While the 2017 session of the Kentucky General Assembly has had its share of party-line votes, some policies designed to make government more transparent and accountable have garnered bipartisan support.
The decision by House Speaker Jeff Hoover and Senate President Robert Stivers to direct the Legislative Research Commission (LRC) to publish committee votes online within 24 hours is being hailed by policymakers across the political spectrum.
The decision resulted from a letter spearheaded by the United Kentucky Tea Party and signed by groups as diverse in their political views as Donald Trump and Chuck Schumer are concerning immigration policy – from Take Back Kentucky to the American Civil Liberties Union.
Apart from the most controversial bills, which usually result in the filing of floor amendments, most legislation’s heavy lifting occurs in committee hearings.
“Because the House and Senate committees have great influence on the consideration of bills by the full body, it is imperative that this critical process is similarly visible to the citizens of Kentucky,” the jointly signed letter.
Your humble correspondent enthusiastically signed as president of the Bluegrass Institute, which led the effort in 2005 to give citizens prompt access to votes on bills taken on the state House and Senate floors.
While that certainly was a giant step forward, making committee roll-call votes available in real time will, as Speaker Pro-Tem David Osborne, R-Prospect, observed, give constituents “access to every move we make on their behalf.”
House Minority Leader Rocky Adkins, D-Sandy Hook, also said his side of the aisle “concur and support the publication of legislative committee votes posted online.”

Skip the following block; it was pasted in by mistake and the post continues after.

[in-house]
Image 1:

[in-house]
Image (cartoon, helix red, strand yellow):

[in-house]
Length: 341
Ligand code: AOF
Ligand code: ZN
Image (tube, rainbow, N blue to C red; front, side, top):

It should also change the practice of legislators passing on votes to avoid tough politically fraught decisions.
Committee-vote results for the remainder of this legislative session can be obtained by clicking:
- “Legislation” at the top of the LRC website’s home page, then
- “2017 Regular Session,” then
- “In Senate” or “In House,” depending on which of the chamber’s committee voted on the bill.
It’s temporarily clunky. However, the information will become much-more useful once committee votes are included on bills’ vote history, which will be added later.
Senate Bill 3, which passed with a 95-1 vote during the session’s first week, is proving not only to make taxpayer dollars more transparent but also to have great impact as taxpayers get a full view of 400 current and retired lawmakers’ pension benefits.
Such transparency has made it possible for reporters and media outlets statewide to report on politicians who reap a six-figure pension by gaming the legislative retirement system for a lifetime while also double-dipping via collecting a second fat check from other state benefit plans.
Space doesn’t permit me to give you the lowdown on several other retired politicians collecting more than $100,000 in taxpayer-funded pension benefits nor on the sexual harassers, felons, even murderers who receive a lifetime of public-retirement checks courtesy of we, the taxpayers.
But you can see it for yourself now.
Another policy that deserves the same type of overwhelming bipartisan support is Louisville Rep. Ken Fleming’s proposal to conduct an inventory of state government with the goal of cutting wasteful duplication and costs of services.
Fleming’s House Joint Resolution 35 directs the Finance and Administration Cabinet to determine what services currently are provided by each department or agency, the price tag of those services and “the feasibility of privatizing, consolidating, or otherwise changing those functions and services to achieve costs savings.”
Based on his experience as a small-business owner and former Louisville Metro Council member, Fleming told me he believes there’s a “silo mentality approach to government operations” which too often results in “a lack of truly understanding the cost of delivering services,” as well as duplication of delivery of services – some of which government should not even be doing.
“Government cannot be run as a business, but it sure can embrace a lot of business applications,” Fleming said.
That’s an idea both sides of the political aisle can – and should – embrace.
Jim Waters is president of the Bluegrass Institute for Public Policy Solutions, Kentucky’s free-market think tank. Read his weekly Bluegrass Beacon column at www.bipps.org. He can be reached at firstname.lastname@example.org and @bipps on Twitter.